This dekovan (”decoration” van ) leaves me speechless and a little sad*.
Perfect for your next Japanese lemon party…
Other 3Yen reports of fun Japanese sausages include:
Japanese concrete policemen vs the UK’s "traffic stoppers" in Leicester — Separated at birth?
Concrete policeman are still a favorite in the countryside of Japan, although most of the statues sadly are slowly being switched to stylized, reflective police silhouettes shown in the bottom photo.
Lacking proper posteriors*, flat-assed Japanese have opted for creating derriere-shaped melons!
Japanese Farmer Mitsuo Shibata Grows Butt-Shaped Watermelon
The Huffington Post | 09/05/2014
…conjoined watermelons are common enough in Japan that there is a specific phrase for them: “futago suika,” which translates as “twin watermelons.”
The above video is not to be confused with the naughtyNSFW video, Watermelon-vs-Butt, at: http://youtu.be/1imL5zGD_h0
Peko-chan* vs Hello Kitty:
There can BE ONLY one.†
Today I spotted Gigantor aka Tetsujin 28-go lurking in my neighborhood in Tokyo’s tony Denenchofu (Wiki) district as shown on right side of the photo below.
Previous Gigantor reports on the 3Yen include:
“Can anyone recommend a moving service in Tokyo to mover from Japan to the US? ….books, but not a lot of stuff.”
For books–the “M-BAG”
The cheapest method for shipping books and “media” is the “M-bag”— Printed Materials Postage, Surface Mail. Go to the counter of a Japanese district post office and ask for the the biggest capacity “M-Bag.” If they look at you like you’re from another planet, use the Japanese name for M-Bag, Tokubetsu Yutai/特別郵袋, or just go to a larger post office.
An M-Bag is a fairly big, heavy duty canvas bag with a drawstring. You can stuff it absolutely full of books, printer-created material, media such as CDs/DVDs/BR and software counts as “printed matter” also. The bag is big enough to put a dead spouse into, if need be. :)
Learn more about the cost of shipping of “Printed Matter (Books / Magazines), Mailing large quantity, printed matter in special mailbags) at the official Japan Post website:
I recommend putting materials in a longish box, then putting the box inside the official M-Bag. The M-Bag will take about 4-6 weeks to get to Western part of the US, and the rate is significantly lower than shipping the books by any other means…less than 5,000yen.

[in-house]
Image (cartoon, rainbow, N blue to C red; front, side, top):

M-Bag Shipment: When shipped in an M-Bag, first pack the books in a box with an address label. The box is then placed in a separate mail bag addressed to the addressee on a tag attached to the bag. The postage is the same if the box weights anywhere between 4 and 11 pounds and then increases with weights beyond 11 pounds. M-Bags may be either standard (surface mail) or Air Mail M-Bags.
The rainy season continues in Tokyo: 100% humidity
湿度100％ @manami_0331 http://t.co/zLk93RQbIJ pic.twitter.com/Jbq3WjTGKC— 古賀学 (@manabukoga) June 11, 2014
See more on sprite-jp.tumblr.com
“Buskila” on Reddit/japan asked…
Q: Anybody knows what these things are for? →
A: It’s a festive obi/sash used to dress up the National Tree of Japan, the sacred Concrete Utility Pole.
Although the yellow one shown on the right is plastic, the steel obi (see below left) are more common and they are there to protect the sacred Poles from damage since the nature-loving Japanese are very fond planting the National Tree in their roadways (below right).
Learn more about Japan’s National Tree in our previous reports:
Author Probes Oddities of World War II Life in Japan
Wall Street Journal blog, 2014/05/13
When author Tadanori Hayakawa looks at life in Japan during World War II, his eye is drawn to the bizarre.
Take the case of nudism: At some schools, both the pupils and teachers wore only underpants or trousers to become physically stronger. A photo from 1943 shows that even a principal was working almost naked at his desk.
A magazine for homemakers gave advice on how to grow opium poppies for use as anesthetics during a medicine shortage. Readers were told to go to government health offices for free seeds…
…Hayakawa said he was genuinely interested in the ideas and ways of life shown in his unique collection of materials. “Most readers enjoy them. Many have said, ‘Oh, this is just like North Korea,’ ” he said.
Japanese links (Bing Translate) to Tadanori Hayakawa’s books are: